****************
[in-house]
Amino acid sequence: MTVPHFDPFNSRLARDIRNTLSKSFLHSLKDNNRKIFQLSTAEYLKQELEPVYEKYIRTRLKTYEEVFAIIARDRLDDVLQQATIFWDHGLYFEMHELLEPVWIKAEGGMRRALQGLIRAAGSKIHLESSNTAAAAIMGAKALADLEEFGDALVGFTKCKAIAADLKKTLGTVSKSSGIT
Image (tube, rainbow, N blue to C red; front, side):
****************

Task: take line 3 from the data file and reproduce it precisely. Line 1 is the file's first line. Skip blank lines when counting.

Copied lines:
Image (tube, rainbow, N blue to C red; front, side):